This is achieved thanks to Teddy, who had kept a lock of the mother’s hair David had been persuaded to cut by Martin, as part of a cruel trick to scare the parents into thinking he was trying to harm her. Yes, it is completely implausible. There is no reason why Teddy would have kept that lock with him, other than to serve as this blatant deus ex machine. It appears just as implausible that the hair survived these 2000 years without crumbling to dust. All this came to my mind when the lock was produced, but I pushed the thoughts aside. I was captivated by what the aliens were doing to David, and what it implied. Were they using him as a lab rat to study the closest thing they had to a living human? Or were they rewarding him for his contribution to further knowledge and understanding of humans? Both are likely and equally fascinating possibilities.

 Aside from the hair lock issue, there are other logical and philosophical problems posed by the film’s screenplay. Consider the parents’ decision to have David killed after he accidentally grabs Martin and falls in the pool with him to protect himself from bullies. Why didn’t they consider having scientists look into his perceived malfunctions? And when it comes to the decision to abandon him rather than kill him, it certainly fits the film’s fairy tale tone – the situation has appeared most famously in “Hansel & Gretel” and “Le Petit Poucet” – but it comes across as out of character for the mother to do so. Wouldn’t abandoning him in a world he doesn’t know appear more cruel to her than simply killing him to avoid further pain? It would have made much more sense for the father to do so: He was never called “father” by David, who treated him with the polite respect one might treat a family friend, rather than a parent. Conversely, he himself showed a lack of tact and sensitivity towards his wife and David when proposing they could “substitute” their comatose son with him and assuring her they could dispose of him if she wasn’t satisfied. He did not take his wife’s feelings and pain into consideration and – as most people probably would – talked of David as a product rather than a potential person. Abandoning him would be a way of getting rid of him without having to deal with his wife’s grief on his conscience.

The film’s biggest problem, however, arises when David finally arrives in the ruins of Manhattan and literally meets his maker, Dr. Hobby (William Hurt), who created him in the image of his dead son. Dr. Hobby tells him that he is the first robot to want something without being told do. That is completely nonsensical: David was programmed to love his mother once she spoke specific words. It was specifically stated that this love would be irreversible, impossible to undo. His quest for the Blue Fairy was a quest to find a means to achieve the goal of being reunited with his mother.

So it would appear that the film’s biggest shortcoming is the fact that it doesn’t really address the question of how real a robot’s love can be. If a robot is programmed to love, is its love real? If not, can it become real? The answer is never clear, because the screenplay itself seems uncertain.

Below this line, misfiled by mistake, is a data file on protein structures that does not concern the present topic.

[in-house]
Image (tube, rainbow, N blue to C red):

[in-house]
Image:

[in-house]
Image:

The film also does not address the fact that David received a lot of help from Joe and Teddy, who are also robots. Do they do it because they care for David? It could be argued that Joe just did it to get away from the police, but he could have done that in many different ways. And yet, upon closer observation, Joe’s actions do not seem to be motivated by emotional attachment to David so much as curiosity. He seems excited at the prospect of David’s discovery, but we don’t get any unequivocal evidence that he feels any kind of sincere, selfless attachment towards him. As for Teddy, it seems more likely that he is programmed to serve and follow his owner. He used to belong to Martin until the latter fell gravely ill, and spent a long time in a box until David’s arrival. By spending a long time with him and him alone, David had effectively become his owner. This was made clear when, in order to settle this matter of ownership, Martin and David both ordered Teddy to walk towards them and Teddy walked towards Martin.

Also incompletely addressed is whether David is capable of loving someone other than his mother. Had the screenplay made it clear he became attached to Joe and Teddy, it would have made it clear that a robot programmed to love can choose to love independently. Yet, upon closer examination, David seems to want Martin’s love as well, even if he doesn’t mention him after being abandoned. Perhaps it isn’t so much love itself that makes us human so much as the desire for love.

 Films like this raise a wide variety of complex questions. It is impossible for them to give satisfactory answers, let alone answer them all. But it gives a good try. As a futuristic fairy tale, it works beautifully. Does it work as a philosophical tale? I go back and forth on whether it does or not. Above, I described how I felt the film failed to properly address the subject of love and whether or not it can be programmed. But has it really? David’s journey, particularly the much-criticized ending, raises many questions, not just about love, but about the human experience in general. Maybe the fact that I can never properly make my mind up on this constitutes, in and of itself, a remarkable achievement on the film’s part.